Anyway, because of my less than impressive background and tender age, I had trouble getting work or being taken seriously. That really hit a nerve and shaped my whole career because nothing became more important to me than respect. Having that as my main goal quickly led me down a road of very little income.

I turned down a lot of opportunities to create a stable income and clientele simply because I felt the work I would be doing didn’t satisfy me creatively. Mix that together with the clients that I really wanted that did not probably bother to read my cold emails or proposals, and you got yourself one hell of a mess.

I realized when I was about 17 that I wasn’t going to get the respect I deserved, or grow creatively for that matter, if I continued down this path. I started to get more active in web communities, more specifically, ConceptFeedback, and man, the first time I posted my work it got destroyed. However that is what I needed, the harsh criticism from creatives who I now view as friends helped me grow amazingly fast. I gained more confidence from this, and started to present myself better on the web and in my approach to clients.

A year from that I started blogging seriously, and started working with Dainis and the 1WD team. Blogging helped me build a name in this market, and define who I was as a creative.

The moral of my story is that I needed to transition from wanting respect as a creative, to wanting it as a business. Doing this changed my whole perspective and allowed me to finally start growing my company seriously.

This brought me opportunities to work for high profile clients from March of Dimes to AT&T, and allowed me to turn down job offers from some of the biggest names in the Atlanta area.”

Five Alarm Interactive

Failure Freelancer's Friend - FAI

Dainis Graveris

Failure Freelancer's Friend - Dainis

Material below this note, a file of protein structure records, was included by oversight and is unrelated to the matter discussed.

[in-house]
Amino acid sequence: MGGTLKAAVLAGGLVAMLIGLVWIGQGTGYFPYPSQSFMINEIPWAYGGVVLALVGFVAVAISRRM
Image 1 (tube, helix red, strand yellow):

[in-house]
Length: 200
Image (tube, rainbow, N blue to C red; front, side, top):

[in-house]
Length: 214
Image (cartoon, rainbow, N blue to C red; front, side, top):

“Hey there, my name is Dainis and I am the founder of this very blog 1stwebdesigner.”

Today I will share my failures and what changes I have made, that up to now are still in the process of settling down.

I was very frustrated that I lost my passion and started to drink much more frequently and lost my joy for work.

I could tell that for the past two years when I thought 1WD was a big success, it was instead slowly going to ruins. And the reason? The very reason why 1WD was liked by so many – because we approved a lot of guest author articles. The problem was that guest authors just wanted quick cash and visibility, but they didn’t care much about community. I didn’t push community hard enough because I was blinded by the growing traffic numbers.

If traffic is growing – then to grow business – we need more articles which will help improve traffic, right?


While I was blinded with Google’s huge traffic and growth (over 2011 we improved monthly traffic by one million unique visitors), in March, everything changed. I am glad now that it worked out so, but it was very frustrating for all of 2012.

We had 2.5 million unique visitors and suddenly that number dropped to 1.8 million. Google Panda and Google Penguin stopped favoring 1WD as they did in the past for reasons which are still not clear to me.

For the past year I tried everything – worked on 1WD’s loading speed, worked on better SEO, worked on going through 40,000 blog comments to remove spammy ones, started editing and cleaned up existing blog posts. Nothing worked.

I was very frustrated that I lost my passion and started to drink much more frequently and lost my joy for work.